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Paul Morphy, from what I’ve seem, seems to have been a master of making weird and wonderful games, such as his famous kingside castling checkmate game. Are there any particular reasons for this?

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    I voted to reopen this question because I don't think it is unclear. A good answer has been given considering the level of Morphy's opponents, but other answers could be given from a historical perspective: how 19th-century Romantic chess evolved into something arguably less "wild" with Modern Chess.
    – itub
    Mar 7, 2019 at 3:27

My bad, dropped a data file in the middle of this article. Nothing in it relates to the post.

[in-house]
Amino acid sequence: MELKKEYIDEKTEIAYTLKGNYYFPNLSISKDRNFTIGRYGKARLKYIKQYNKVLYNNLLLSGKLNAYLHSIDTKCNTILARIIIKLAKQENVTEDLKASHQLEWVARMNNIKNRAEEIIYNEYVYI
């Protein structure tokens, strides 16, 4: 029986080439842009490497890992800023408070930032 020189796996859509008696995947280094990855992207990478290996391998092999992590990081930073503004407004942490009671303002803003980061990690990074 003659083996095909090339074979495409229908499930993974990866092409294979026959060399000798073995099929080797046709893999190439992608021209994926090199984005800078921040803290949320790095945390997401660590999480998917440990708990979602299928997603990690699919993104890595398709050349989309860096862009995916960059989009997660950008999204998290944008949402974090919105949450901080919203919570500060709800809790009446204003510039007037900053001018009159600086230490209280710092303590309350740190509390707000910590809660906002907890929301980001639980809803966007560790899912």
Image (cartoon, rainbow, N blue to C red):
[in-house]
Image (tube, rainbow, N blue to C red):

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    @itub I voted to close for a different reason than the others: I think this is opinion-based. It's not easy to discuss what exactly a player's style constitutes, nor is it really possible to say why. It's better left for chat or a discussion forum instead.
    – Remellion
    Mar 7, 2019 at 8:20

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Yes. The reason is simple. For the most part, his opponents were dramatically weaker than him.

Knowledge of the game was in its infancy in Morphy's time, and any number of opponents were murdered in their beds by Morphy's superior grasp of principles of development and calculating ability. The majority of Morphy games are not even contests but good old one-sided floggings.

His match games against the strongest opposition of the time like Anderssen and Lowenthal, while clearing showing him to be superior, are seldom as colorful.

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